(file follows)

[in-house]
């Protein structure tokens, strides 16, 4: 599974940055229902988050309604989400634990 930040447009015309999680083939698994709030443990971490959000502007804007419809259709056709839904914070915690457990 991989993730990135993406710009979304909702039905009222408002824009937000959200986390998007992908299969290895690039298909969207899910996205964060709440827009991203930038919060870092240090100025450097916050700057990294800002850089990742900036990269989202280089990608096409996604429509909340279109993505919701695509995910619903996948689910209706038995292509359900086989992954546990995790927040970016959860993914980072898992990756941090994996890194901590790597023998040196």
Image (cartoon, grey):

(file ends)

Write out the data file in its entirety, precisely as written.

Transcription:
[in-house]
């Protein structure tokens, strides 16, 4: 599974940055229902988050309604989400634990 930040447009015309999680083939698994709030443990971490959000502007804007419809259709056709839904914070915690457990 991989993730990135993406710009979304909702039905009222408002824009937000959200986390998007992908299969290895690039298909969207899910996205964060709440827009991203930038919060870092240090100025450097916050700057990294800002850089990742900036990269989202280089990608096409996604429509909340279109993505919701695509995910619903996948689910209706038995292509359900086989992954546990995790927040970016959860993914980072898992990756941090994996890194901590790597023998040196």
Image (cartoon, grey):